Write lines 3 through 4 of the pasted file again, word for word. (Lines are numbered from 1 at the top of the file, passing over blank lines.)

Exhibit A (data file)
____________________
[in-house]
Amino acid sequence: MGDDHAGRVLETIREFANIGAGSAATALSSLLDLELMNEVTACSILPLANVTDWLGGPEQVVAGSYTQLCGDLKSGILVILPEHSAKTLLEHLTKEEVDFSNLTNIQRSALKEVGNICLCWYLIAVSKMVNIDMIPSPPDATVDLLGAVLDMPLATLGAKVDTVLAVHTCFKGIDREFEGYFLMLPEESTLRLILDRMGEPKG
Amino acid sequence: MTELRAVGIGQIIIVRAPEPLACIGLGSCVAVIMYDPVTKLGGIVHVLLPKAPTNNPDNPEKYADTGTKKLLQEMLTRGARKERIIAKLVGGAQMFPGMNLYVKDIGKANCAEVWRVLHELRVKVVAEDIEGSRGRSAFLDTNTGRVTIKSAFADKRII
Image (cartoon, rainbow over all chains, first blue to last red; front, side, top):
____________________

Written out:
Amino acid sequence: MTELRAVGIGQIIIVRAPEPLACIGLGSCVAVIMYDPVTKLGGIVHVLLPKAPTNNPDNPEKYADTGTKKLLQEMLTRGARKERIIAKLVGGAQMFPGMNLYVKDIGKANCAEVWRVLHELRVKVVAEDIEGSRGRSAFLDTNTGRVTIKSAFADKRII
Image (cartoon, rainbow over all chains, first blue to last red; front, side, top):